WiFi: Convenience with Challenges

Posted by: William 

With the prevalence of mobile devices, WiFi has become the ‘go to’ technology for connectivity. WiFi, while very convenient for laptops, tablets, cellphones, gaming devices, etc, present users with challenges in order to ensure performance remains good.

Most WiFi operates in what’s referred as an ISM band, (Industrial, Scientific, and Medical). Meaning that companies are able to manufacture products that broadcast in this range so long as they accept interference from other devices in this range. That is, they do not need to get special licensing from the FCC in order to use these radio frequencies much like how an FM/AM radio station would. The specific band WiFi uses runs from 2.401 Ghz to 2.495 Ghz.

Not needing costly radio licensing from the FCC makes WiFi very affordable, therefore commonplace but it also means there’s a variety of other devices using the same radio frequencies your WiFi router uses. Most commonly, these are other WiFi routers operating near you, though other things also can interfere with your WiFi router, such as microwave ovens, Bluetooth devices, car alarms, automatic garage doors, home security cameras, cordless phones, baby monitors, wireless speakers, home automation systems, home security systems, health monitoring systems, etc.

WiFi operates in a manner which grants you some control over which specific frequencies you use amongst what you’re allowed. These are referred to as Channels. There are four ‘discreet’ WiFi channels, 1, 6, 11, and 14. That is they do not overlap one another in the radio spectrum allowed. Under FCC regulations, people are allowed to use either 1, 6, or 11, Channel 14 is only allowed in Japan.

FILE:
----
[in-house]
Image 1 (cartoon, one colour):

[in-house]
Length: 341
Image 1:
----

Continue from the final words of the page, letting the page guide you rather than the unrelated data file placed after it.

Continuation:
A discreet channel is ideal, however WiFi routers are typically configured at the factory to one of three discreet channels which users often leave unchanged. So, with how commonplace WiFi routers are, your WiFi router will often be operating at the same channel as your neighbours WiFi router. Both of you would notice this interference as performance degradation. It’s best to isolate a channel not in use in your WiFi routers area, and configure your router to use that instead of the default. You’re able to use any channel from 1-11.

You can find what channels the WiFi routers in your area are using by using one of the many free WiFi scanning programs available. You can get scanners for Windows, Mac, Android, iOS, and even Linux.

http://www.networkworld.com/article/2183790/wireless/8-free-wi-fi-stumbling-and-surveying-tools.html

The manual that came with your WiFi Router will explain how to reconfigure it to use a different channel. Usually this is as easy as using a web browser and pointing it to http://192.168.1.1 or http://192.168.0.1 and logging in and making the adjustment.

If this doesn’t seem to improve your WiFi performance, there may be other non-WiFi devices operating in the frequencies your WiFi uses nearby. WiFi scanners are great at isolating other WiFi devices which are the most common sources of interference, but usually will not help you in finding what non-WiFi specific device is the source of your interference. For that, you may need to bring in a specialist.

NMSurf like most ISP’s do not support WiFi related issues. Though, we can recommend various businesses in the Santa Fe / Albuquerque area which can assist with that.

Tagged as: wifi, channel, router, interference, speed, performance, frequency,